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You are here: Home / The European environment – state and outlook 2010 / Country assessments / Romania / Climate change mitigation - State and impacts (Romania)

Climate change mitigation - State and impacts (Romania)

Topics: ,
Climate change, mitigation, adaptation
Published: 26 Nov 2010 Modified: 13 Apr 2011
Key message

Climate change, mitigation, adaptation

Figures

Climate change means mitigation and adaptation. 

 

In terms of mitigation, the Kyoto Protocol comitment to reduce the emissions of greenhouse gases during 2008-2012 will be over-met mainly due to the restructuring and decline of industry.

 

As a Member State, Romania has been implementing the EU-ETS scheme with a contribution representing about 47% from its national total greenhouse gas emissions.

 

Located at the half distance from pole and equator (crossed by the 45° parallel),  Romania is characterized by a temperate continental climate.Between the south and the north of Romania there is a difference of about 3°C related to the the anual average temperature at the same altitude.

 

In comparison with the annual global average temperature increase of 0.6 0Cin 1901-2000, in Romania the annual average increase  was of  0.30Conly.During  1901-2006,  the increase was of 0.50Ccompared to 0.750Cat the global level (1906-2005).

 

There were thermal diferentiations between regions:more pronounced warming in south and east sides of the country (up to 0.8oC at Bucharest-Filaret station, Constanţa and Roman) and insignificant warming in the Intra-Carpathian regions, except Baia Mare, where the effect of the anthropogenic activity led to a 0.7oC increase (Figure 1).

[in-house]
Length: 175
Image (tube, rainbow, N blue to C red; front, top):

The rainfall regime during 1901-2000, according to long series of observation data from 14 stations, has been characterized by a general tendancy of decreasing of the annual amount of precipitations. As of 1960, the review of short series of data from more metheorological stations revealed an intensification of the drought phenomenon in the south of our country. In compliance   with this observation, the maximum periods of lack of precipitations have increased in the south-west (winter) and west (summer) regions. 

 

The increased warming during summer in the south east of the country  asociated with a severe tendancy towards a water deficit  lead to the enhancement of the aridity of this region.In certain regions, during 1946-1999, it was observed an increase of the annual frequency of the very rainy  days (highest 12% daily quantities) and of the extremely rainy days  (highest 4% daily quantities). During 2000-2007 in Romania there were  two extreme pluviometric opposite events (the drought from 2000 and 2007 and the floods from 2005 and 2006). The winter between 2006-2007 was  the hottest winter ever occurred since observational measurements started in Romania, when pronounced deviations of maximum/minimum temperatures from the average multiannual regime persisted for long periods of time.

 

The longest drought periods in the 20thcentury had a climax  reference year:1904, 1946, 1990. The most affected zone by the hydrological drought in the latest decades of the 20thcentury and the beginning of the 21stcentury was the south, with excessive aspects for Oltenia.

 

While there is difficult to assess clearly the impact of climate change on specific sectors, more scientists indicate the necessity to focus the research on climate change in order to improve understanding on the future scenarios and on economic, social and natural consequences of meteorological events including extremes.  

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The country assessments are the sole responsibility of the EEA member and cooperating countries supported by the EEA through guidance, translation and editing.

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